The Need to Redefine a Monopoly and Market Manipulation Under Law

Governments (politicians) and regulators are struggling to deal with the global platforms of Google, Amazon, Facebook, Instagram and the like. They are using privacy and tax laws to attempt to reign them in. In this article I raise a number of matters for consideration none of which deal with the “politicisation and use of the platforms” to influence elections or misuse personal data. I deal only with the market themes.

Monopoly law, has since the early 1900s, been founded on the test of market manipulation and control (Standard Oil, US Steel) and predatory pricing. The description of a customer was pretty clear.

The technology platforms have thrown these principles on their ear. Firstly, they have two types of customers:

  1. The one who pays for services or markets and sells their products on platforms like Amazon, this includes buying ads. 

  2. The second is the billions of users who are on the platforms for no charge.  They are viewing the ads and products.  The production cost of a digital ad is much cheaper than conventional print, television and radio. The digital ad can be deployed locally, nationally or internationally. Predatory pricing is mute.

A new definition of monopoly and market manipulation

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On the surface Amazon would appear to be promoting extensive competition through its digital retail, warehousing and delivery, for all sorts of small, medium and large businesses.

However, Amazon has thousands of its own white label products which compete with the above. Amazon decides; the price, positioning on the digital store page and a host of other factors for its products. There is no transparency.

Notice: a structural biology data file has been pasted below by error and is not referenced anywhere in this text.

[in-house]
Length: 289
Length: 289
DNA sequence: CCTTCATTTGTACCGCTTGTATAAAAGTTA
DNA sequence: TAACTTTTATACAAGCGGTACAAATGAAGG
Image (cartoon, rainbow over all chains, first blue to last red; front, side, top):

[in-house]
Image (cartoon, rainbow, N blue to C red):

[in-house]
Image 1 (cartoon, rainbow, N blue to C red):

Similarly, Google sells placement ads and search as does Facebook - they too decide positioning placement and exposure.

None of the tech companies will allow their algorithms to be assessed by regulators for obvious reasons.

Additionally, the cash rich entities buy up start-ups that are developing software or other devices because the start-up may have the potential to threaten them. Regulators work on what is obvious, so if a big company wants to merge with, or buy another bid company, the assessment process to allow or block is reasonably clear and transparent. Amazon is buying up physical retail businesses. The size and impact can be measured.

How do regulators and courts stop the purchase of technology start-ups on the basis of some unknown future outcome that may or may not eventuate?

Courts are bound by the existing definitions and laws and simply redefining monopoly, size and market manipulation without understanding the Internet, the algorithms and how it all works is not going to address the issue.

If those who are using the platforms for free abandon the provider, then the business model begins to collapse. Charging customers to place ads and sell services has a reducing value if no one is there to see the ads or buy the products. This explains the move by tech companies to diversify into the physical away from dependence on the digital.

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Author: Kevin Beck, Associate nem Australasia

This article is based on research and opinion available in the public domain.


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